An Analysis of Error Handling Techniques in Voice over IP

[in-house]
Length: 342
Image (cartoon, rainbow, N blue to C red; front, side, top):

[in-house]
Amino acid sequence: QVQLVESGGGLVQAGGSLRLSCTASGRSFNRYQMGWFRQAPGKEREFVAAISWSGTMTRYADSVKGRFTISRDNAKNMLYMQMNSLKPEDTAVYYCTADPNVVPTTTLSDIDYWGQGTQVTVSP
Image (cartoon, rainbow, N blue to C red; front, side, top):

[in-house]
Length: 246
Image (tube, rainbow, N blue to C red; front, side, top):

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1 An Analysis of Error Handling Techniques in Voice over IP Martin John Lipka ABSTRACT The use of Voice over IP (VoIP) has been growing in popularity, but unlike its wired circuit-switched telephone network predecessor, this technology runs over a packet-switched network. It is therefore vulnerable to changes in underlying network conditions such as network delays and packet loss due to congestion. Many believe that VoIP is the future replacement for today s wired telephony and that it will be widely adopted. In order for this technology to compete with circuit-switched telephone networks, the underlying assumption throughout this paper is that if an error occurs in the transmission stream, it needs to be overcome or handled in some way. This paper focuses on which techniques may help VoIP reach a quality of service (QoS) level that is comparable to circuit-switched telephone networks by focusing on their ability to minimize both packet loss and jitter while increasing the overall sound quality of the voice transmission. The metrics used consist of performance-oriented criteria that ultimately affect the end user s perceived QoS. Thus, some of the error recovery and concealment techniques most commonly used today are introduced, their features analyzed, and an assessment made of their effectiveness. Keywords Voice over IP (VoIP), Error concealment, Error recovery 1. INTRODUCTION As the Internet grows in popularity, new technologies are discovered and become more prevalent with time, usually starting in the business arena and slowly working their way down to the consumer market. One of these new technologies focuses on the transmission of voice over the Internet, enabling two or more parties to communicate with each other. In the last few years, voice over IP or VoIP, has grown immensely in its popularity. Businesses for quite some time have realized the features and cost savings VoIP provides them; now consumers are also realizing these same benefits. VoIP is the likely candidate to replace today s method of how we transmit voice over highly reliable, wired telecommunication networks. The Internet, however, and the underlying protocols may be unreliable and are considered best effort over a packet-switched network. With the advent of voice over IP and its growing popularity to the home user, many things should be considered regarding errors in the voice transmission. These include what should be done when an error within the audio transmission is discovered and how, or whether, one should recover from such an error. Furthermore, circuit-switched networks like the ones used by phone companies today provide a high level of service and quality mainly because a point-to-point connection is established between both parties before a conversation takes place. Errors such as delay or static in the circuit-switched voice environment occur rarely and are usually unnoticeable. This, however, is not the case in voice over IP. The VoIP technology runs over an unreliable medium (the Internet) and therefore it is very susceptible to disruption from increased network traffic, congestion, dropped packets, or delays within the Internet, which could lead to errors within the audio transmission resulting in silence, jitter, and a decrease in the overall sound quality. This paper examines whether some of the error recovery and concealment techniques used in VoIP and other related technologies such as MP3 streaming are in fact viable solutions to attaining the same level of quality of service currently present in wired telecommunication networks under the assumption that VoIP is a type of controlled-load network service. As described in RFC 2211, a controlled-load network has no specific guarantees, but it does offer a constant level of service [9]. RFC 2212 discusses the specifications necessary to guarantee a certain level of quality of service [5], and after considering its recommendations the author concludes that VoIP QoS can be grouped into two main categories, namely network performance QoS and end-user QoS. As the network performance QoS increases, the end-user QoS increases as well. What follows is a discussion of voice over IP with a focus on the issues surrounding the transmission of the voice data and ultimately an evaluation is presented on how some of the VoIP error recovery and concealment techniques are effective with respect to specific criteria in the above two categories. The criteria considered when evaluating the error recovery and concealment techniques for VoIP include: (1) for end-user QoS, ability to increase the overall sound quality and (2) for network performance QoS, ability to handle errors due to packet loss and jitter caused by network delays. These are key for VoIP to match the QoS found in today s circuit-switched telephone networks where there is little to no packet loss or jitter and the overall sound quality is quite high. The error recovery and concealment techniques are examined in terms of three characteristics in order to determine their overall effectiveness in improving the QoS categories specified earlier: ability to handle packet loss, ability to handle jitter, and ability to improve overall sound quality. We define packet loss as the absence of an expected packet at the receiver. Jitter within the audio stream is the variation in time between arriving voice packets at the receiver, resulting from variable delay values such as those incurred from packetization, transmission, and propagation delays. These two criteria were chosen because they have a direct impact on and are vital to the third characteristic, overall sound quality. In contrast, circuitswitched telephone networks offer excellent sound quality with little to no loss of data or jitter mainly because a dedicated connection is established before transmission of data (voice). SB3-T3-1